Book Review · Linda Goodnight

Memory House: Honey Ridge, Book 1

The Memory HouseAuthor: Linda Goodnight
Book Name: The Memory House
Series: Honey Ridge
Order: #1
Genre: Contemporary/Historical/Romance
Rating:  Good


Blurb: Memories of motherhood and marriage are fresh for Julia Presley–though tragedy took away both years ago. Finding comfort in the routine of running the Peach Orchard Inn, she lets the historic, mysterious place fill the voids of love and family. No more pleasure of a man’s gentle kiss. No more joy in hearing a child call her Mommy. Life is calm, unchanging…until a stranger with a young boy and soul-deep secrets shows up in her Tennessee town and disrupts the loneliness of her world.

Julia suspects there’s more to Eli Donovan’s past than his motherless son, Alex. There’s a reason he’s chasing redemption and bent on earning it with a new beginning in Honey Ridge. Offering the guarded man work renovating the inn, she glimpses someone who–like her–has a heart in need of restoration. But with the chance discovery of a dusty stack of love letters buried within the lining of an old trunk, the long-dead ghosts of a Civil War romance envelop Julia and Eli, connecting them to the inn’s violent history and challenging them both to risk facing yesterday’s darkness for a future bright with hope and healing.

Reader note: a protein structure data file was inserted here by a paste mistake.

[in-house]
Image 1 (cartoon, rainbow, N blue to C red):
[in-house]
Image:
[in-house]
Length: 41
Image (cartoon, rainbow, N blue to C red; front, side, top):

Review:  A story of heartbreak, redemption, healing and learning to love again.  This is a low intensity, gently paced book that, while it may have some darker subjects, still focuses on turning all of that towards a positive direction.

Both Eli and Julia are scarred by life and tragedy, but neither character comes across as dependent or hopeless.  They may feel beaten down, but they still try to be something better than just broken and needing someone else to fix them.  Their relationship is about helping each other rather than needing someone else to take care of it all for them.

It does have a time split between now and events long past.  Not often my favorite, but this was done well.  We see some parallels between the characters from both time frames so we understand the purpose behind having that in the story beyond just a plot device.

In all a solidly good, sweet story.

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